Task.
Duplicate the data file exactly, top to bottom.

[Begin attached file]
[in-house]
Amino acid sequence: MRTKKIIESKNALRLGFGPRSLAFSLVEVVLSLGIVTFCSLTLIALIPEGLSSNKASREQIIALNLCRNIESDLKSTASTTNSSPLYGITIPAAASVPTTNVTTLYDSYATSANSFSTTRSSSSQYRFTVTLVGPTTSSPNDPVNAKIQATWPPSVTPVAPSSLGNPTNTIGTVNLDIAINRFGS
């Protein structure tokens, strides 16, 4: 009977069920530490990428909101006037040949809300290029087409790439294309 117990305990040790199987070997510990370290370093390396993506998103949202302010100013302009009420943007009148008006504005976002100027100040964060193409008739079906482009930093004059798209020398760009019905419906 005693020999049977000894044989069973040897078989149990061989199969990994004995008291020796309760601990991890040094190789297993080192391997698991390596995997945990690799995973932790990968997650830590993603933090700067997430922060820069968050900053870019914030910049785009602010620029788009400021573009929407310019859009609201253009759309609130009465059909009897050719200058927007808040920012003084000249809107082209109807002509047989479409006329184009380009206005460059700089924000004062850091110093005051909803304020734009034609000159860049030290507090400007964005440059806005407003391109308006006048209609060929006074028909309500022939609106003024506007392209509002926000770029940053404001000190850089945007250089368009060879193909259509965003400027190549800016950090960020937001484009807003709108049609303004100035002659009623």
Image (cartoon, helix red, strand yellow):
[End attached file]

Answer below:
[in-house]
Amino acid sequence: MRTKKIIESKNALRLGFGPRSLAFSLVEVVLSLGIVTFCSLTLIALIPEGLSSNKASREQIIALNLCRNIESDLKSTASTTNSSPLYGITIPAAASVPTTNVTTLYDSYATSANSFSTTRSSSSQYRFTVTLVGPTTSSPNDPVNAKIQATWPPSVTPVAPSSLGNPTNTIGTVNLDIAINRFGS
């Protein structure tokens, strides 16, 4: 009977069920530490990428909101006037040949809300290029087409790439294309 117990305990040790199987070997510990370290370093390396993506998103949202302010100013302009009420943007009148008006504005976002100027100040964060193409008739079906482009930093004059798209020398760009019905419906 005693020999049977000894044989069973040897078989149990061989199969990994004995008291020796309760601990991890040094190789297993080192391997698991390596995997945990690799995973932790990968997650830590993603933090700067997430922060820069968050900053870019914030910049785009602010620029788009400021573009929407310019859009609201253009759309609130009465059909009897050719200058927007808040920012003084000249809107082209109807002509047989479409006329184009380009206005460059700089924000004062850091110093005051909803304020734009034609000159860049030290507090400007964005440059806005407003391109308006006048209609060929006074028909309500022939609106003024506007392209509002926000770029940053404001000190850089945007250089368009060879193909259509965003400027190549800016950090960020937001484009807003709108049609303004100035002659009623």
Image (cartoon, helix red, strand yellow):